WINNER OF THE EBRD LITERATURE PRIZE 2023
"The Lake is a bewitching, beguiling, terrifying and shocking portal into a world gone wrong, a realm in which tenderness and courage come up against brutality and indifference, in which fellow-feeling and communality are undercut by self-interest and folly – and in which small gestures nonetheless keep the flame of hope alive. It is utterly propulsive, immersive and unique, and deserves to become a European classic, to be read by many generations to come." – Toby Lichtig, EBRD Literature Prize judge
Translated by Alex Zucker
A fishing village at the end of the world. A lake that is drying up and, ominously, pushing out its banks. The men have vodka, the women troubles, the children eczema to scratch at. Born into this unforgiving environment, Nami, a young boy, embarks on a journey with nothing but a bundle of nerves, a coat that was once his grandfather’s and the vague idea of searching for his mother, who disappeared from his life at a young age. To uncover the greatest mystery of his life, he must sail across and walk around the lake and finally dive to its bottom.
The Lake is a raw account of life in a devastated land and the harsh, primitive circumstances under which people fight to survive.
A dystopian page-turner about the coming of age of a young hero, which won the 2017 EU Prize for Literature.
Awarded with the Magnesia Litera Prize as Best Book of 2016.
"The Lake feels less like it takes place in a post-USSR past than it does a post-apocalyptic future of complete climate collapse. Nami’s country might be fiction, but its implications are terrifyingly real." Wales Arts Review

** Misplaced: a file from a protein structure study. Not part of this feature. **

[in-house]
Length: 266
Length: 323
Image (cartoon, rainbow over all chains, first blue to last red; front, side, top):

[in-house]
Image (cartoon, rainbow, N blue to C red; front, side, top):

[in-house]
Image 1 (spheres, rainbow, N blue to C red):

‘[T]he fresh water of Czech literature.’ – Hospodářské Noviny
‘[O]ne of the most remarkable books of the last years.' – Mladá Fronta dnes
‘A criticism of the Soviet Union, of extinction, of the modern world. Written in such a colourful way that one at times seems the stand in front of Andrej Tarkovsky’s camera.’ – Krájské Listy
'Bellová’s gripping depiction of life under forced occupation shows how despite the utter bleakness of their reality, people like Nami can still find ways to keep on going, as did many under communism and so many do now under other oppression. In the face of evil, there is nothing more radical than preserving one's humanity.' – Anna West, APOFENIE
BIANCA BELLOVÁ (b. 1970) is a Czech translator, interpreter and writer with Bulgarian roots. Her novel Mrtvý muž (Dead Man, 2011) received widespread critical acclaim and has been translated into German. Her latest novel, Jezero (The Lake, 2016), won the EU Prize for Literature and will be published in more than ten languages.
ALEX ZUCKER is a translator from Czech whose translations include novels by J. R. Pick, Petra Hůlová, Jáchym Topol, Magdaléna Platzová, Tomáš Zmeškal, Josef Jedlička, Heda Margolius Kovály, Patrik Ouředník, and Miloslava Holubová. He has also translated stories, plays, subtitles, young adult and children’s books, song lyrics, reportages, essays, poems, and an opera.